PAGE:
Strategists should stop mountain climbing and start extreme caving

I had always thought strategy and the pursuit of insights was akin to mountain climbing, but an article in this week’s New Yorker on extreme caving has changed my world. By , In Deep, The dark and dangerous world of extreme cavers, has given me a perceptual shift. Bilger writes, “cave depths, unlike mountain heights, are inherently subjective.” And I love this. Damn, a mountain? You can see how big that is. How difficult it may or may not be able to climb. Caves. That’s another story. All you know of a cave is the entrance in — and even that may be misleading.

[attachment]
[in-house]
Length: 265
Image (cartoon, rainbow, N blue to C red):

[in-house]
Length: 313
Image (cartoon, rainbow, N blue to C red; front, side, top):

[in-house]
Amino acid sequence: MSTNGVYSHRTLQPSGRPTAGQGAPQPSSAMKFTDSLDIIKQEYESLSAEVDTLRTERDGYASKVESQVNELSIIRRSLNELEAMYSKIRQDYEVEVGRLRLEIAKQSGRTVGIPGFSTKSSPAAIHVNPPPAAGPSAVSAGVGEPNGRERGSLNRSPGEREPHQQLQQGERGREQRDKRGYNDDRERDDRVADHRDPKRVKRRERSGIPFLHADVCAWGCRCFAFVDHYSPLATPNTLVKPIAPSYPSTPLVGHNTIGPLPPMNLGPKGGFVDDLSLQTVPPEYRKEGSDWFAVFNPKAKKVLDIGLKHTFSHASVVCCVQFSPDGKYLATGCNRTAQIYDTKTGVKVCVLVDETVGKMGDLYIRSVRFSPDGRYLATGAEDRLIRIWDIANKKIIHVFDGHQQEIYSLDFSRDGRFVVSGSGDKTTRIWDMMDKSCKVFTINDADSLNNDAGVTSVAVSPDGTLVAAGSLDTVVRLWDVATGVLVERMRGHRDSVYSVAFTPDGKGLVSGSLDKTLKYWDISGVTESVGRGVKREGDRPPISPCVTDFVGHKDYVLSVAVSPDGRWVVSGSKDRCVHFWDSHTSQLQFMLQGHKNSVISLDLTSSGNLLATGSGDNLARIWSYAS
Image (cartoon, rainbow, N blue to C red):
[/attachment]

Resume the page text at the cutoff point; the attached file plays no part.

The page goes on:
While mountains are measured from the bottom up, caves — when they can be measured — are measured from the top down, and down, and down — that’s because you never quite know when you’ve hit bottom. And this is how we should approach problem solving in general. If we use a mountain as a metaphor then our path is clear, but once we start using caves as a metaphor it becomes evident that all we know is where to start, but we can make no assumptions on where we are going.



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